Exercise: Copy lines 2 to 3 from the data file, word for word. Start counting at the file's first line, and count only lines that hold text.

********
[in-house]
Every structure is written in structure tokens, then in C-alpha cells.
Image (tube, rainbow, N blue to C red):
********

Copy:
Every structure is written in structure tokens, then in C-alpha cells.
Image (tube, rainbow, N blue to C red):